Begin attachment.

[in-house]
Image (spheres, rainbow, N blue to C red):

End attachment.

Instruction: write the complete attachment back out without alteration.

[in-house]
Image (spheres, rainbow, N blue to C red):